Simon de Montfort the elder, from a window in Chartres Cathedral, about 1230
Simon de Montfort the elder, from a window in Chartres Cathedral, about 1230

Montfort repudiated the award [Mise of Amiens] as the other side would undoubtedly have done had it gone against them. Both sides appealed to arms. Montfort had emphatically championed popular rights and popular liberties, as his opponents had championed baronial privileges.

The contest now was not one between the Crown and the barons, but between a popular party headed by Montfort and supported by the towns and Commons generally, and a feudal party which had joined hands with the supporters of the Crown.

But Montfort was far superior to his adversaries in military skill; and although the odds at first had seemed against him, when the opposing forces met in a pitched battle at Lewes he was completely victorious; Henry himself and his eldest son, who afterwards became Edward I, were obliged to surrender to him. Thus Earl Simon was able practically to dictate to the king a new arrangement known as the Mise of Lewes.

Terms of the Mise of Lewes
The government was to be in the hands of a council, and the council was to be appointed by a committee of arbitrators from which all aliens were to be excluded. The arrangement collapsed at once, because no tolerably impartial committee could be brought together. But immediately afterward the Great Council was again assembled, at which there was again present that fleeting element, the representative knights of the shire.

To this Council or Parliament. Earl Simon presented a new scheme. The Council was itself to appoint three electors, none of whom were to be aliens. The three electors were to nominate a council of nine. The nine were to appoint all officers of state and were in fact to control the government. The parliament chose as electors Montfort himself with the young Earl Gilbert of Gloucester and the Bishop of Chichester, two of his strongest supporters. The arrange­ment meant the dictatorship of Simon de Montfort.

Simon de Montfort's Parliament
At the end of the year the dictator summoned the famous parliament which met at the beginning of 1265, Hitherto the Great Council had con­sisted of the greater, barons and higher clergy, summoned personally by the king, occasionally but irregularly sup­plemented by elected knights of the shire.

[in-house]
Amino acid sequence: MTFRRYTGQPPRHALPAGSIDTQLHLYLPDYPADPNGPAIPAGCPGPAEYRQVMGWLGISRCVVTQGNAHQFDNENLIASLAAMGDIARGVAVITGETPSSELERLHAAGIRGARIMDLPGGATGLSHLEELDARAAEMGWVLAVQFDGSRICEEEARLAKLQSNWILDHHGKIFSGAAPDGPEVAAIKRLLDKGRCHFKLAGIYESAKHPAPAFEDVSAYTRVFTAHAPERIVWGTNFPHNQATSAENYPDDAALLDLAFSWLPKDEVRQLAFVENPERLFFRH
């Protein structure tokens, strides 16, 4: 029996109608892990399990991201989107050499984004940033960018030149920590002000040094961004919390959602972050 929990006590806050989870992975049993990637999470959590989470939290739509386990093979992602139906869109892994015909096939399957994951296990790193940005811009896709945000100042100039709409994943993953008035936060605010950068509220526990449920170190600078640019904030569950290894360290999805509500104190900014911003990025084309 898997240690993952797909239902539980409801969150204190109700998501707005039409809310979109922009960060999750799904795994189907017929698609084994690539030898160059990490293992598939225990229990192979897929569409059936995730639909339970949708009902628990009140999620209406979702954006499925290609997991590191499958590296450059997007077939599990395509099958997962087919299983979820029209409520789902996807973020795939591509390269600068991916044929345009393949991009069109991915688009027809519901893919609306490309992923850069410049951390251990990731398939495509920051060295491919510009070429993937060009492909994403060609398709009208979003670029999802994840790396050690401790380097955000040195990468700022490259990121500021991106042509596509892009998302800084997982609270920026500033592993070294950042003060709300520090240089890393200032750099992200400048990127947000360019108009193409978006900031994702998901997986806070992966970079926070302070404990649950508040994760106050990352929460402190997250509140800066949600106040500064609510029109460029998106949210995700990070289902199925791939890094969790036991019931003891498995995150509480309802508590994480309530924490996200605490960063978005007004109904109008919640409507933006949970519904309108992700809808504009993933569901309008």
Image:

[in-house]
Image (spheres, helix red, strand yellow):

The Burgess innovation
Not all of the greater barons were summoned to Montfort's parliament, which, was in fact a packed assembly, but the Earl introduced an important innovation. Besides the elected knights of the shire he selected a number of boroughs, which were in general favourable to him, and summoned two elected burgesses from each of them.

The parliament is famous, not because of what it accomplished, but because it was the first in which the burgess element was represented. There had been previous occasions when burgesses had been summoned for consultation and to give information, but they had not been allowed any voice in the actual delibera­tions of the Council.

Consequences of the Parliament
Montfort set a precedent which was not to be perma­nently adopted till thirty years afterwards, but its importance is not therefore to be underrated. Montfort professedly intended the method of government instituted after the Mise of Lewes to serve merely as a modus vivendi until a permanent system could be agreed upon.

But in the meanwhile the other side was mustering troops in France for a renewal of the war, and the provisional government was constantly threatened from the side of the Welsh marches, where Mortimer stood for the king's party. Earl Simon's popularity was derived from those qualities in his character which had won for him the name of Earl Simon the Righteous, and heroes of the Puritan type are generally prone to make enemies.

His sons lacked their father's idealism and alienated many who would willingly have supported the Earl himself. They quarrelled with the Earl of Gloucester, who opened negotiations with Mortimer. Prince Edward escaped from his custody and joined the Marcher earls who rose in arms.

The insurgents were in overwhelming force from north to south of the Welsh marches. Montfort had at last met his match. A year before he had out-generalled the Royalists, and at the battle of Lewes, Prince Edward had played the part of Prince Rupert in the great Rebellion four hundred years afterwards. His cavalry charge had swept away the wing of Simon's army opposed to him, but he had rushed on in a prolonged pursuit and returned to the field only to find the battle lost. It was the blunder of inexperience.